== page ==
March-April 2018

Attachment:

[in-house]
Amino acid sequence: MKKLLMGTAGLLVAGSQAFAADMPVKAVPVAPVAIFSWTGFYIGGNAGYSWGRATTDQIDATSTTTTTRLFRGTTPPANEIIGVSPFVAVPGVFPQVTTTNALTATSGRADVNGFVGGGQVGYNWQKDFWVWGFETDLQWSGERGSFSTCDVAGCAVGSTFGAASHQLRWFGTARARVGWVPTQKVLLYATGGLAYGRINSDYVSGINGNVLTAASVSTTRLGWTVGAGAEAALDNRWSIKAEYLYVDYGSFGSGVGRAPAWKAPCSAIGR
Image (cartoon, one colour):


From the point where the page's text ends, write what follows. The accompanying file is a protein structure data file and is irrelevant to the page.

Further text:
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Page 38 of 43 PalletCentral • March-April 2018 39 airborne. Also, because the bluestain fungi do not digest the wood cell wall, they have minimal impact on the wood structural integrity. In other words, although it looks harmful, it will not decay the wood. Sun Exposure If your wood product is left outside and exposed to the sun, over time it will darken (like a sun tan) and may make the wood appear dirty or damaged. The impact of sun exposure causes a chemical change in the tannins of the wood that, over time, react to the sun's exposure. If this happens to your wood packaging product, or other lumber product, it's said to be "weathered." Enzymatic Discolorations Red alder, oaks, beech, maples, and other hardwood species are commonly susceptible to enzymatic discoloration. This is the reaction of enzymes or polyphenolic compounds in living cells. This produces a grayish or brownish tone in sapwood. Mineral Discolorations Typically seen in the forms of dark lines or streaks in oak, green or brown patches in sugar maple, or purple to black areas in yellow poplar; mineral discoloration sometimes develops in standing or fallen trees in mineral rich soils. Preventing discolorations caused from iron stain and weathering are quite manageable. If you store wood products outdoors, keep them covered yet ventilated to prevent weathering. Also, keep your ferrous metals from having direct contact with lumber to prevent black ink stains. Other types of black stains and discolorations, like zebra stains, enzymatic discolorations or mineral discolorations, are naturally occurring and challenging to control. PC N provides excellent research papers on wood stain. One paper (51pp), "Wood Discolorations & Their Preventions, with an Emphasis on Bluestain," by FPInnovations™, is accessible at: The NWPCA Industry Marketing Committee is currently developing a marketing piece to outline various types of stains as a valuable customer handout. Stay tuned for further development. Customer Resources

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